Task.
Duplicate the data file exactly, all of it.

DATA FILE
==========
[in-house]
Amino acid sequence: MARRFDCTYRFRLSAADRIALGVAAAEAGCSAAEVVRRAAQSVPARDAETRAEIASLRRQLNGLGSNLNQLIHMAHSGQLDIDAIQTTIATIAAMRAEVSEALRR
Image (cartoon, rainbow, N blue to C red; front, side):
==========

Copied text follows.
[in-house]
Amino acid sequence: MARRFDCTYRFRLSAADRIALGVAAAEAGCSAAEVVRRAAQSVPARDAETRAEIASLRRQLNGLGSNLNQLIHMAHSGQLDIDAIQTTIATIAAMRAEVSEALRR
Image (cartoon, rainbow, N blue to C red; front, side):